On Saturday morning of December 2, millions of people in the United States woke up the news that the Tax Cuts and Jobs Act had passed in the Senate. For current graduate students, this was a step closer to the passing of the House’s version of the bill that would make tuition waivers taxable income, dramatically increasing the amount of taxes graduate student would have to pay in addition to the various ways the bill would devastate folks healthcare and labor security.
As an organizer working with the Syracuse Graduate Employees United (SGEU), I have been struggling over the past few weeks about how I might address this in the next installment of the SWR blog on anti-racist pedagogies. Given that the new SWR mission statement calls for an expansion of sites and discourses of study, I ultimately decided to share a speech I wrote for a rally (with help from Poonam Argarde, a fellow international student and friend) hosted by SGEU on Wednesday November 29 at Syracuse University. Its alignment with anti-racist pedagogies stems from a recognition of how existing structures within higher education, such as the ever-increasing workload expected of graduate students and the ever-existing threat to documentation status, work to keep marginalized bodies in precarity in order to maintain exploitative labor practices.
The speech was intended to address the ways that the bill will impact the lives of international graduate students as well as why I think union organizing will be key to collectively addressing any potential repercussions. Although this speech focuses on international students, I want to be clear that I don’t want to conflate all international students with students of color, but international students are often from countries largely populated by people of color, especially at my own institution. My hope is that by articulating the issues facing international students, we may be better able to join in solidarity with U.S. students of color, and recognize the ways in which we are sometimes pitted against each other within educational spaces heavily laden with white supremacist ideology that perpetuate narratives of competition between students of non-white identities.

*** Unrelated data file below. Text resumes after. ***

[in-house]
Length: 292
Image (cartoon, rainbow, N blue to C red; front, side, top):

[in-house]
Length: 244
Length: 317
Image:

Since last week, I have been finding other pieces highlighting the impact that the bill will have on international graduate students. Desiring something more polyphonic than my own voice, I have hyperlinked to those pieces throughout the speech. They are worth checking out and provide a more rounded view of how international students think they’ll be impacted by a change in the tuition waiver structure.
The speech that follows appears in a slightly version to make sentences a bit more concise, and was delivered before the passing of the Senate’s version of the tax bill on December 2, 2017.
“Thanks for the chance to talk here today. I am a graduate student employee of Syracuse University, and also an international student from Belize. Syracuse University is the third U.S. university I have attended but the first private United States university. I am very wary of talking about the experiences of international students as I don’t want to reduce a wide array of experiences based on nation-state relations, ethnicity, race, ability, class, gender and sexuality that all commingle and inform the experience of studying in a country that is not your own. That said, I wanted to take this time to talk to folks unfamiliar with the obstacles facing international students and how the proposed GOP tax bill will further exacerbate difficulties for this particular student population.